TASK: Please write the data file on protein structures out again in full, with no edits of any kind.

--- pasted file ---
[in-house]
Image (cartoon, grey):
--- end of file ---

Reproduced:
[in-house]
Image (cartoon, grey):